Yield: 1 servings
Compost. Take rote of persel, of pasternak, of rafens, scrape hem and waische him clene. Take rapes & caboches, ypared and ycorue. Take an erthen panne with clene water & set it on the fire; cast all thise therinne. Whan they buth boiled cast therto peeres & perboile hem wel. Take all thise thynges vp & lat it kele on a faire cloth. Do therto salt; whan it is colde, do hit in a vessel; take vynegar & powdour & safroun & do therto, & lat alle thise thynges lye therein al night, other al day. Take wyne greke & hony clarified togider; take lumbarde mustard & raisouns coraunce, al hoole, & grynde powdour of canel, powdour douce & aneys hole, & fenell seed. Take all thise thynges & cast togyder in a pot of erthe, & take thereof whan thou wilt & serue forth.
900 g/2 lb mixed parsley roots, carrots, radishes and turnips 450 g/1 lb white cabbage 450 g/1 lb hard eating pears 6 tablespoons salt 1 teaspoon ground ginger ½ teaspoon dried saffron strands 425 ml/15 fl oz/2 cups white wine vinegar 50 g/2 oz currants 575 ml/1 pint/2½ cups fruity white wine 6 tablespoons clear honey 1 teaspoon French mustard ⅛ teaspoon each ground cinnamon and black pepper ¼ teaspoon each anise and fennel seeds 50 g/2 oz white sugar (Makes 2.3 kg/5 lbs)
The Goodman had recipes for pickling walnuts and various vegetables and fruits grown on his farm separately, but he soaked the whole lot in honey--to the ruin of his household's teeth, I should think! This recipe is much more like the modern ones.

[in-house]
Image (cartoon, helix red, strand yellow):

Prepare the root vegetables and slice them thinly. Core and shred the cabbage. Put these vegetables into a large pan of water and bring slowly to the boil. Peel, core and cut up the pears and add them to the pan. Cook until they start to soften. Drain the contents of the pan and spread in a 5-cm/2-inch layer in a shallow non-metallic dish.
Sprinkle with the salt, ginger, saffron and 4 tablespoons of the vinegar. Leave, covered, for 12 hours. Rinse well, then add the currants. Pack into sterilised storage jars, with at least 2½-cm/1-inch headspace.
Put the wine and honey in a pan. Bring to simmering point and skim.
Add the rest of the vinegar and all the remaining spices and sugar.
Reduce the heat and stir without boiling until the sugar dissolves.
Bring back to the boil. Pour over the vegetables, covering them with 1 cm/ ½ inch liquid. Cover with vinegar-proof seals and store.
from The Medieval Cookbook by Maggie Black Chapter 4, "The Goodman of Paris" posted by Tiffany Hall-Graham From: Tiffany Hall-Graham Date: 05-26-94
Submitted By DALE SHIPP On 04-20-95